Underinsured Struggle To Keep Up With Bills; Uninsured Seek Clinic Care Or Play The Odds

The underinsured are continuing their struggle to keep up with piling medical bills, and are seeking care at federally funded clinics in greater-than-ever numbers, but some choose to remain uninsured.

NPR/Kaiser Health News: "Between them, Jim and Martha Martin work five part-time jobs. Yet they still struggle every day with medical debts. The burden warps nearly every aspect of their lives. On a typical day Jim and Martha are up before dawn. That's when they talk about necessary stuff. 'We're both working so many jobs, about the only time we sit down together is at breakfast,' Martha says. Jim adds: 'There's not much time when I'm not at work.'" Despite their hard work -- which tallies a "modest income — about $45,000 a year" — the medical bills add up. "Jim and Martha struggle all the time to figure out how to keep up" (Knox, 9/28).

Kaiser Health News also explains the symptoms of the underinsured: "In some cases, people who are underinsured have coverage through employer-sponsored plans; they have high out-of-pocket expenses or skimpy benefits. In other cases, consumers have bought coverage on the individual market that covers only catastrophic costs. Some polices might feature high deductibles and co-payments, as well as exemptions for specific conditions or expensive treatments, or limit annual and lifetime benefits" (Gold, 9/28).

Meanwhile, The Seattle Times reports on how difficult being uninsured can be when a serious health issue arises -- profiling a woman who owns a jewelry store in Seattle's famed Pike Place Market, but can't afford to pay her own medical bills. "Susan Sauls has liver and lung cancer. … Without income, she can't pay for her medical treatments because she's uninsured. As a small-business owner who makes $22,000 to $28,000 a year, her income is too high for her to qualify for any government health plan but too little for her to afford private coverage. … According to a survey done for the Market in 2007, 39 percent of people working there were uninsured — a rate about three times higher than the state's general population. And as the national debate on health care persists, these small-business owners say they don't have to look far to see examples of the current health-care system's deficiencies" (Federis, 9/28).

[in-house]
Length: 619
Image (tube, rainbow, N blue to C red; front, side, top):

Many people are turning to federally funded health clinics for their care. Around the nation, a surge of patients is on track to make the centers handle more than 20 million patients this year, up two million from a year ago, The Wall Street Journal reports. "The centers are addressing in a smaller way two issues that also underlie Mr. Obama's health-care proposals: lack of access to care and high costs. The uninsured often need pay only $20 or so for an appointment with a center doctor. The no-frills centers receive block federal grants for much of their funds and pay medical staff a fixed salary, so they have little incentive to jack up costs with unnecessary care. Still, they're no panacea. Many centers have long waiting lists, and they offer only basic services. Uninsured people who need heart surgery or an MRI still must rely on charity care from a hospital, their own savings or other means. Any attempt to provide more comprehensive care at centers would require significant federal money at a time of concern over spiraling budget deficits" (Favole, 9/28).

And some people continue to not carry insurance, despite Congress' insistence that nearly everyone will soon be required to carry it, The Associated Press reports. "Researchers at the Kaiser Family Foundation, which studies the uninsured, said most are young, generally healthy adults who are self-employed or in relatively low-wage jobs that do not offer insurance coverage and don't pay enough for workers to afford individual policies. … All the health care plans that have emerged from the Democratic-controlled Congress would require everyone to have insurance, the way drivers in nearly every state must purchase auto insurance. Proponents say that by bringing everyone into the system, medical risk is spread over a broader population, bringing costs down" (Fouhy, 9/28).

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